Last month Liam and I went on holiday to New Zealand. The country is incredibly diverse, and we were only there for three weeks, so it’s difficult to put into words everything we saw. Whatever I write is only going to scratch the surface.
New Zealand is comprised of two islands, North and South, and is approximately the size of the eastern seaboard of the United States, (think of it stretching from New York City to Florida, about one state wide)
- The celestial pole is north in the northern hemisphere and south in the southern hemisphere, so it gets hotter as you go north, and colder as you go south
- Our winter is their summer and vice versa
- If you are looking at the equator in the northern hemisphere, the sun moves left to right, in the southern hemisphere it moves right to left
- Their night sky is dominated by entirely different stars—no “Big Dipper” or “North Star”, instead they have the “Southern Cross,” a constellation of stars represented on their flag.
Tauranga sits on a large harbor, the aptly named Bay of Plenty. Container vessels and the largest cruise ships can all dock at Tauranga.
More pictures of Tauranga
Many people walk around the base of The Mount, some climb to the top.
More pictures of Mount Maunagnui (The Mount)
There is a park at Gate Pa, with a number of Maori carvings commemorating the battle.
Carving of a Maori Warrior.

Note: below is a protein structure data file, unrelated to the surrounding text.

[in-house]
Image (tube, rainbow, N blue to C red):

Rotorua / Taupo Volcanic Zone
We watched a woman put cooking utensils into a box built over a steaming opening in the earth. The heat from the steam cooked her food.
More pictures of Rotorua
Taupo and Huka Falls
Halfway down the river is Thermal Spa Park. Super heated water pours into the river from several small water falls. Next to the falls the water is extremely hot, but as the water flows into the river it cools down--just find a spot where the temperature is perfect and lay back and relax.
The river narrows from approximately 300 feet across to 15 feet across as it flows into a rocky canyon. The is called Huka Falls.
See more pictures of Taupo and Huka Falls
Traveling through the center of the North Island
These beautiful green, rolling hills are a result of thousands of years of erosion of this volcanic material.
Huge boulders, flung far by massive volcanic explosions, tumble across the landscape.
This is the view from the city's botanical gardens looking down from one of the many the hills that encircle the harbor and the city.
This map is rotated, North is to the right. It shows the path the ferry takes as it crosses the Cook Straight. The straight is named for Captain James Cook who explored this part of the world in 1769.
This picture shows us coming into the Picton harbor at the end of the ferry crossing. At Picton we got back on the train to Kaikoura.
More pictures of the Interislander ferry
Kaikoura and Whale Watch
Much of the trip was along the rocky coastline.
We stayed overnight in a lovely little town called Kaikoura. I got up early to watch the sunrise. New Zealand is one of the first places on earth to see the dawn.
Cathedral square was particularly hard hit with many beautiful old churches destroyed. They are trying to figure out how to save the main cathedral since it means so much to the people, but seeing its crumbling devastation is a terrible sight.
More pictures of Christchurch and Kaikoura
The train leaves the coastal city of Christchurch, and in just a few minutes you're on the plains leading to the mountains.
The scenic vistas go on and on
The landscape turns warm and almost tropical as you get to the marshlands of the west coast.
Although I saw places that were more beautiful, this one stole my heart.
And I got to stand outside Bilbo Baggins front door (Ask a LOTR or Hobbit fan why this is a big deal)